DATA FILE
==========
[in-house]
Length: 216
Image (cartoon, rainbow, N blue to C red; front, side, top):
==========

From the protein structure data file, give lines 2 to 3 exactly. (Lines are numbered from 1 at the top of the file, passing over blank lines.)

Length: 216
Image (cartoon, rainbow, N blue to C red; front, side, top):